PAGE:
• June 8, 2012
    ...crimes committed within that sovereign's borders.Munaf, 553 U.S. at 693-94 (emphasis added) (citation omitted). Citing Wilson v. Girard, 354 U.S. 524 (1957), a transfer case, and Neely, an extradition case, the Court thereafter concluded: "as the foregoing cases make clear, habeas is not a ......
  • Bishop v. Reno, No. 98-4109
    • United States
    • United States Courts of Appeals. United States Court of Appeals (11th Circuit)
    • April 24, 2000
    ...against its laws committed within its borders, unless it expressly or impliedly consents to surrender its jurisdiction." Wilson v. Girard, 354 U.S. 524, 529, 77 S.Ct. 1409, 1412, 1 L.Ed.2d 1544 (1957). Furthermore, provisions of our Constitution, including the writ of habeas corpus, "have n......
  • Request a trial to view additional results
58 cases
  • Kinsella v. United States Singleton, No. 22
    • United States
    • United States Supreme Court
    • January 18, 1960
    ...in 1957 had affected in the least the discipline at armed services installations. We do know that in one case, Wilson v. Girard, 1957, 354 U.S. 524, 77 S.Ct. 1409, 1 L.Ed.2d u544, the Government insisted and we agreed that it had the power to turn over an American soldier to Japanese civil ......
  • Rosado v. Civiletti, Nos. 980-982
    • United States
    • United States Courts of Appeals. United States Court of Appeals (2nd Circuit)
    • April 23, 1980
    ...its own people, unless a different mode be provided for by treaty stipulations." Id. at 123, 21 S.Ct. at 307. See also Wilson v. Girard, 354 U.S. 524, 529, 77 S.Ct. 1409, 1412, 1 L.Ed.2d 1544 (1957) ("sovereign nation has exclusive jurisdiction to punish offenses against its laws committed ......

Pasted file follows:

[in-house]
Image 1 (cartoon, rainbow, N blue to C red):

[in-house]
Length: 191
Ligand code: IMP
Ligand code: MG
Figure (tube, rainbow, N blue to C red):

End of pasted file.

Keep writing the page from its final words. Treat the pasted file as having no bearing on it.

• Garcia v. Thomas, No. 09-56999
    • United States
    • United States Courts of Appeals. United States Court of Appeals (9th Circuit)
    • June 8, 2012
    ...crimes committed within that sovereign's borders.Munaf, 553 U.S. at 693-94 (emphasis added) (citation omitted). Citing Wilson v. Girard, 354 U.S. 524 (1957), a transfer case, and Neely, an extradition case, the Court thereafter concluded: "as the foregoing cases make clear, habeas is not a ......
  • Bishop v. Reno, No. 98-4109
    • United States
    • United States Courts of Appeals. United States Court of Appeals (11th Circuit)
    • April 24, 2000
    ...against its laws committed within its borders, unless it expressly or impliedly consents to surrender its jurisdiction." Wilson v. Girard, 354 U.S. 524, 529, 77 S.Ct. 1409, 1412, 1 L.Ed.2d 1544 (1957). Furthermore, provisions of our Constitution, including the writ of habeas corpus, "have n......
  • Request a trial to view additional results
1 books & journal articles
  • The Supreme Court of the United States, 1970-1971
    • United States
    • Political Research Quarterly Nbr. 24-4, December 1971
    • December 1, 1971
    ...the &dquo;Pentagon Papers.&dquo; This same extension of term was indulged in bythe Court in 1957 to decide the case of Wilson v. Girard (354 U.S. 524) whichdealt with the trial of an American soldier by Japanese CIVIL LIBERTIES Due Process The question of the imposition of the death penalty......